“We go back, what, probably about 40 years?” said Roderick Chillous, 64, who grew up in Roosevelt and agreed to be in Guilty’s film. A lifelong karate practitioner who toured with Public Enemy as part of its security team — known as the S1Ws — Chillous showed up at the Roosevelt Youth Center on a brisk February morning to don a red gi and demonstrate his martial-arts skills for the camera. He wasn’t quite sure what his role was — “I’m trying to find out,” Chillous said with a laugh — but he seemed willing to contribute to any project that paid tribute to his old neighborhood.

“Everybody knew about this place,” he said of the Youth Center. “Parties was here, shows was here, karate was here. Anything you can name is right here in this community.”

Another star of the film is WBLS DJ Chuck Chillout, who plays a roller rink owner. “That was the spot to come meet everybody and to have a good time,” Chillout said. For DJs in the early '80s, he added, playing a popular rink was a mark of achievement. “It was hard to get in them skating rinks. You had to have a name back then.”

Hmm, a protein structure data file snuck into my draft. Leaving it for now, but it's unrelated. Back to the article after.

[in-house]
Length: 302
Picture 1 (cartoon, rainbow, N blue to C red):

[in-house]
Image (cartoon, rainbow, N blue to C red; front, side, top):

SKATING TEACHER GETS INVOLVED

Harry R. Gaskin Jr. of Freeport, a dancer, roller skater...

Harry R. Gaskin Jr. of Freeport, a dancer, roller skater and choreographer, on set at United Skates of America. Credit: Debbie Egan-Chin

For skating expertise, Guilty tapped Harry R. Gaskin Jr., a nimble 70-year-old skating teacher and competitive skate dancer who can still do splits on command. Gaskin said he was hanging out at United Skates one day when he heard that Guilty was there to scout out the venue as a location. As a man who’s been on wheels since skating’s heyday in the late 1970s, Gaskin felt he had something to contribute.

“You know, we was part of that scene,” Gaskin said. “The roller skaters was part of the rappers and the breakers. We supposed to be here, too.” Gaskin wound up serving as a choreographer; he also plays the cocky skater with the rainbow Afro.

Filmmaker Andre Guilty, second from left,with cinematographer Shawn Davis of Freeport; rapper-actor...

Filmmaker Andre Guilty, second from left,with cinematographer Shawn Davis of Freeport; rapper-actor Red Heffner of Roosevelt; and rapper-actor Patrick Broadnax of Roosevelt. Credit: Debbie Egan-Chin

Guilty will reveal only so much about the production or even the plot of his film. He said his screenplay centers on a group of high school kids, an aspiring rapper (modeled on a young Kurtis Blow) and a climactic break-dance contest, but he prefers to keep other details “under wraps.” Guilty said he shot the film on his own dime with his own video equipment, while additional funds and equipment came from Guilty’s former Roosevelt High School classmate Patrick Broadnax, a professional DJ known as PNAX. Both declined to put a figure on the film’s budget.